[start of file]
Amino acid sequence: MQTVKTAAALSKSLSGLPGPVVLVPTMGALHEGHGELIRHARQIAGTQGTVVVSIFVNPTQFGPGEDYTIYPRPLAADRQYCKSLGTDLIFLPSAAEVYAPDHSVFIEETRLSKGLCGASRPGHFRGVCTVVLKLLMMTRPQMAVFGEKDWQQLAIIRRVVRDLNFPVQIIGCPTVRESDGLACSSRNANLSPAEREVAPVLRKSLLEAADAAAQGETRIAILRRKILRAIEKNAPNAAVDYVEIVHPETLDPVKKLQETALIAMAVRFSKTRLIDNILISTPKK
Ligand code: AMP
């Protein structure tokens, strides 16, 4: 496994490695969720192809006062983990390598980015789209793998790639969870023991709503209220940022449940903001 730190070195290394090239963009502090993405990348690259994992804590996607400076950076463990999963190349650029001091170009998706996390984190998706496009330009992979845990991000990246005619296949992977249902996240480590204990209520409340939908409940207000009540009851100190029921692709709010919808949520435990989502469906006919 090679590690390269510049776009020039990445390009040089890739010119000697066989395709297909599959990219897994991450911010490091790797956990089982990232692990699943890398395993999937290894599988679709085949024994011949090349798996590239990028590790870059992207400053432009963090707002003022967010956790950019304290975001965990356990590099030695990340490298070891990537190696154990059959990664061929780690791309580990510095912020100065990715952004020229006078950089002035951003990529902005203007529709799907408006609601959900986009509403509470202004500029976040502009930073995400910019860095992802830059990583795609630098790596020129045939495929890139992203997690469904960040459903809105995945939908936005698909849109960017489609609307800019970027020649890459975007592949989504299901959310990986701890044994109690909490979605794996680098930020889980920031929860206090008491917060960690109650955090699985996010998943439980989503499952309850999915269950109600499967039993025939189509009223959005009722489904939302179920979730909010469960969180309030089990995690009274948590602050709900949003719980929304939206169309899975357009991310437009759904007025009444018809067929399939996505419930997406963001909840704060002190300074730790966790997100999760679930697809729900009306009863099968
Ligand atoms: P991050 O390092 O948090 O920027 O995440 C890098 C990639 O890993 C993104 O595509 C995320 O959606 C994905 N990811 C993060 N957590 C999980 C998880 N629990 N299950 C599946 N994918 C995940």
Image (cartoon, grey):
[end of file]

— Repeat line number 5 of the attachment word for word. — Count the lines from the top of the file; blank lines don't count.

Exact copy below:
Image (cartoon, grey):